> while I draw on bullshit philosophers and confabulate mirages, is  
> disingenuous, and I don't think I'm up to that task. However, I  
> will say that your refusal to recognize that changes in visual  
> technologies may impact linguistic practices, forms and the  
> theories thereof, is tantamount to saying that language/literacy  
> evolves/changes in a vacuum, and everything else is the consequence  
> of that. But I guess you do say that: in your words, "the world has  
> been visualized (by literacy) and industrialism is a consequence  
> and not a cause." Few would argue that the history of literacy is  
> bound up with technological and economic changes but I can't recall  
> having met anyone, scholar or poet, who thinks that everything is  
> caused by any one thing, excepting of course, if that cause is God  
> himself.
> If I were to try to get one point across, it would simply be an  
> attempt to reiterate what I said in a prior post -- the tools you  
> use to represent literacy are themselves the consequence of socio- 
> historical transformations that include the rise of visuality,  
> meaning to say that, poet or not, your language isn't transparent.  
> Unless you recognize the historicity of your terms, there is no way  
> to perceive that some formulations of your own, such as  
> "specifically I refer to the psycho-social experiences of orality"  
> are anachronistic. "Psycho-social" is a modern perhaps even a  
> postmodern (sorry) construction, that posits a template for the  
> resolution of variables that would have been mostly unavailable to  
> pre-modern/pre-individual speakers. So in constructing your bedrock  
> realities you import both the very theory that you seem to despise,  
> as well as the history that gives rise to the emergence of these  
> theories. Not acknowledging this situation means that you erase the  
> very media through which you see, as well as the historicity of  
> your position.
> One consequence of that is precisely the syndrome which you disavow  
> at the end of your last post.
> Peace,
> Jon
> Jonathan Beller
> Professor
> Humanities and Media Studies
> and Critical and Visual Studies
> Pratt Institute
> jbeller at pratt.edu
> 718-636-3573 fax
>> Hi Jonathan,
>> although I respect your attempt to find common ground in our  
>> positions I am afraid you mistake my basic points, which are not  
>> particularly compatible with your analysis below. Briefly:
>> You say: "I see the industrialization of the visual world as the  
>> water-shed for a new mode of production".
>> I say: the visual world has never been industrialized. On the  
>> contrary, the world has been visualized (by literacy) and  
>> industrialism is a consequence and not a cause.
>> What I find interesting here is that if we were to extrapolate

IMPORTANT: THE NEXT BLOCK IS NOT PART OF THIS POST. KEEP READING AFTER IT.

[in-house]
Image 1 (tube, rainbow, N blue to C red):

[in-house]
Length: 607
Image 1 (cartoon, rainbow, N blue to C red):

>> this argument in more detail, I am reasonably certain that it  
>> would play out along the following lines: You would defend your  
>> theory mostly by referencing other theories. I would defend my  
>> theory mostly by referencing what people do and have done with  
>> their communication tools on a very mundane level. I do not doubt  
>> that you would reference some historical examples, but like many  
>> academic theorists, your arguments appear to gain much of their  
>> credibility by explicitly positioning themselves in relation to  
>> one or more theoretical traditions; whose value, in my skeptical  
>> opinion, often lie less in the authority of unimpeachable  
>> usefulness than in the usefulness of unimpeachable authority. As  
>> below:
>> "It is, in short, the overcoming of what Kittler almost poetically  
>> calls "the bottleneck of the signifier," that creates the crisis  
>> for language, representation, the modern subject, and, I would  
>> want to add, a new set of crises for political-economy. The  
>> industrialization of the visual brings with it a radical  
>> marginalization of language function's purchase on the world, all  
>> of which is itself part of a complex picture that must factor in  
>> both the falling rate of profit and the legitimation of  
>> imperialist wars by purportedly liberal-democratic societies.  
>> Following Orwell (as well as Horkheimer, Adorno, Debord), I have  
>> come to think that a short-circuiting of the lived experience that  
>> was (enlightenment) logic is a pre-requisite for sustaining the  
>> contradictions of the modern-capitalist superstate. In other  
>> words, the elaboration of visuality was a socio-economic  
>> necessity, whose earliest signs were to be found in the pyro- 
>> technics (and psycho-logistics) of commodity-fetishism."
>> Despite the erudition evident in this paragraph I must admit that  
>> I think that your arguments about language are a mirage. You go on  
>> to say:
>>  The entire discipline of linguistics (like its big-brother  
>> psychoanalysis) does not really get off the ground until the age  
>> of cinema. One could argue about this (drawing perhaps on the  
>> philological tradition), but I would say that it is only with  
>> Saussure, and the formalization of the split between signifier and  
>> signified, that one gets linguistics proper. This formalization  
>> depends upon two things -- first the conscious recognition that